A top location for most boaters cruising southeast Alaska waters is Glacier Bay National Park, but the Alaska Park Service recently announced regulations that will cut down dramatically on the number of private recreational boats that can enter the bay. All small-boat skippers must have a permit that allows for entry at a specific time — and there’s a waiting list! They must observe closures for wildlife and take an hours-long “course” before being permitted into the area. A maximum speed of 8 knots makes it slow going for the 65 miles inside the bay. Local boaters grumble that the park service is caving to the demands of the big cruise ships that have difficulty maneuvering when there are a number of smaller boats in the bay.

For boat owners, not being able to access Glacier Bay is not a problem. There are glaciers and spectacular waterfalls everywhere, and Tracy Arm — where boaters can maneuver right up to the glacier face without having to worry about being run over by a 50,000-ton cruise ship — is far more interesting than Glacier Bay. We spent a couple of days cruising Tracy Arm, getting used to cruising among icebergs and bergy bits, and being able to get right up to the glacier’s edge. We were also able to move up close to waterfalls that were entering the ocean after running thousands of feet from a glacier down to sea level. The raw, natural beauty was everywhere.

Another feature of a good cruising boat, and one that many cruisers say tops their list, is a relatively high cruising speed. They want the speed but still want low fuel consumption. Speed is relative, and generally more speed costs more money, operationally. A boater used to moving along at 8 knots could well be very happy if his boat was able to increase that speed to 10 knots. Many displacement cruisers whose optimum cruising speed is 8 knots get 1 mpg at that speed. Imagine being able to cruise at 17 knots and get 1.5 mpg. The 40-foot Aspen operates at that speed and gets that mileage.

Juneau mechanic Mark Brooks can change the oil and make you laugh, as his business card designation HMFIC shows.


Read our prior review of the Aspen C120 at SeaMagazine.com/aspen-c120/.

Aspen C120 Helm

Find out more about the builder and the 10,000-mile tour at AspenPowerCatamarans.com.


Different Boats

What if one wants to cruise southeast Alaska in a small boat but can’t get his own boat to the cruising grounds? Is there a way to do it without cruising with others or with a captain? There is. In Juneau, we met Steve Birkinbine, who owns a company (aukebayadventures.com) that arranges private yacht charters — some on a bareboat basis. Individual boat owners place their boat with him and he arranges the charters. He reports the vessels are mostly chartered with a skipper who is used to local conditions.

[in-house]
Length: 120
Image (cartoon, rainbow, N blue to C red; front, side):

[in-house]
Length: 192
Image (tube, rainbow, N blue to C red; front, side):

“Even experienced boat owners from the south have problems with a 20-foot tide — something common in Alaska — and even if they have a Coast Guard ticket I won’t charter bareboat to them.”

Birkinbine says a skippered 42 Nordic Tug that sleeps six charters for about $1,800 a day, “roughly the same cost as six hotel rooms,” he noted. It should also be noted that there are about 20 hours of daylight during the summer in southeast Alaska, so cruising days are long and provide plenty of opportunity to take in the scenery.


A good cruising boat lets the skipper spend long days at the wheel without feeling beat up at the end of the day. While there is no doubt there are many planing-hull vessels that can cruise at 17 knots, many are very rough when pounding into a head sea of even two or three feet. The Aspen, because of its wave-piercing hull design, slices through such seaways smoothly and quietly.

The layout of the Aspen 40 is comfortable and it boasts first-class woodwork throughout. Its fit and finish are as good as in vessels costing hundreds of thousands of dollars more. Natural light floods the interior through windows and well-placed hatches, making the interior relatively bright and cheery even on dull days. I came to appreciate a unique touch on our C120. In each locker and cupboard throughout the boat was a light that came on automatically when the door was opened, just like a domestic refrigerator.

The humor factor was on display during another scene with a local in Juneau. The mechanic there who changed the oil in our engine finished at about 9 p.m., so we invited him to have a drink. As we talked, we discovered he did marine work but also had a gold claim he worked from time to time. His business card featured his name and the words “Mining & Marine.” Under his name was what I assumed was a university degree designation: HMFIC. I am familiar with most university degree designations but had never seen that one. Thinking that it might be from a local institution that recognized “Mining & Marine” as a combined speciality I was not familiar with, I asked him what it meant. His response: “Head [expletive deleted] In Charge.” Clearly that Alaskan was serious about displaying his sense of humor, in print, to all he met.